Abortion, Every Day (12.6.23)
Young people are twice as likely to call themselves 'pro-choice' than 'pro-life'
In Attacks on Clinics, help me raise the alarm about a South Carolina clinic being targeted for closure. In the States, some good news out of Wisconsin. In Stats & Studies, a new poll shows that young people are really, really pro-choice. In the Nation, a few quick hits. In Republican Women & Birth Control, a reminder to never trust the GOP on contraception. And in 2024 news, there’s a GOP presidential debate tonight. Yes, another one!
Attacks on Clinics
If a community health center was being relentlessly attacked, harassed and threatened, you would think that city leaders would protect the clinic and the people working there, right? Not if you’re in Greenville, South Carolina!
Police keep being called to the Greenville Women’s Clinic, where the level of harassment from anti-abortion activists has reached a fever pitch. But instead of helping the clinic, City Council member Stan Tzouvelekas has introduced a resolution to shut the center down—claiming that the business is a nuisance because of how often law enforcement needs to go there.
That’s right—it’s not the harassers that are the problem, but the people being harassed. “In my book that’s a disturbance, that needs to be shut down and it needs to be cleaned up. That’s the problem,” Tzouvelekas said. He also made clear that this doesn’t really have anything to do with protecting the community from a “nuisance” at all—but punishing abortion clinics:
“We are a beacon of light in this county! The whole world is looking. Let them know we’re protecting children in Greenville County.”
Vicki Ringer of Planned Parenthood South Atlantic released a statement in solidarity with the clinic, saying, “these extremists are the nuisance to the community, not the providers of this essential health care.”
Just absolutely disgusting. To support the Greenville Women’s Clinic, click here.
This attack in South Carolina comes at a time when independent reproductive health care centers are under threat across the country. This week, the Abortion Care Network put out their annual report showing the way that independent clinics were disproportionately harmed by Roe’s demise—and what communities lose when they lose an independent clinic. I highly recommend reading the whole thing—I’m making my way through it now!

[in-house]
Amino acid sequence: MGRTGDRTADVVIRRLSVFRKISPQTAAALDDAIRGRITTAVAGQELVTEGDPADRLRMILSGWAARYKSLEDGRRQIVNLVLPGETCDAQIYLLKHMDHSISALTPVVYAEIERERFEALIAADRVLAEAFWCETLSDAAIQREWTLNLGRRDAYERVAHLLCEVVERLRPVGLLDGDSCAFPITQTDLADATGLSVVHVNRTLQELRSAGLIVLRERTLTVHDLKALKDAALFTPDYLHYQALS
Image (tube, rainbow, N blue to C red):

To support independent abortion clinics and the Abortion Care Network, click here.
In the States
We could use some good news: A Wisconsin judge has ruled (again) that an 1849 law doesn’t ban abortions, but ‘feticide’. You may remember this case from July: Dane County Circuit Judge Diane Schlipper ruled that the law Republicans argued was an abortion ban actually wasn’t a ban at all—but “a feticide statute only.” Meaning it would only apply to an attack on a pregnant person that ends their pregnancy, not abortion. At the time, Schlipper wrote, “There is no such thing as an ‘1849 Abortion Ban’ in Wisconsin.”
Yesterday, Schlipper reaffirmed that earlier ruling, keeping abortion legal in the state up until 22 weeks. Sheboygan County District Attorney Joel Urmanski says he plans to appeal the decision, and the expectation is that the case will end up in front of the Wisconsin Supreme Court, which is now has a liberal majority.
In the meantime, Gov. Tony Evers and Democratic Attorney General Josh Kaul celebrated the decision, with Evers calling it an “important victory in our fight to restore reproductive freedom” and Kaul tweeting: “Freedom wins. Equality wins. Women’s health wins.”
If you missed my piece earlier today on the Texas woman fighting for an emergency court order to obtain an abortion for her doomed pregnancy—and how it connects to broader anti-abortion strategy—check it out below:
New Hampshire Gov. Chris Sununu has responded to the Republican bill seeking to ban abortion after 15 days, saying, “I think it's safe to say we are putting this one in the crazy pile.” As NBC News points out, 15 days gestational age means if a fertilized egg exists at all, it hasn’t implanted in the uterus yet. Meaning: there’s not really such a thing as a 15-day pregnancy.
In Indiana, an appeals court heard arguments over the religious freedom challenge to the state’s abortion ban. As we’ve reported here previously, women of different faiths are suing over the state’s near-total ban, arguing that it violates their religious beliefs. Lawyers for the state claim that he case has no validity because the women that the ACLU brought the suit on behalf of aren’t pregnant yet. Yes, it’s very similar to the argument that Texas’s lawyer made before the state Supreme Court. But even better—lawyers for Indiana came very close to arguing back in October that the women were just being hysterical:
“Preserving human lives outweighs speculative concerns about hypothetical future pregnancies…Feelings of anxiety and changes to contraceptive and sexual practices—do not amount to substantial burdens on religious exercise.”
The Indiana Capital Chronicle has more.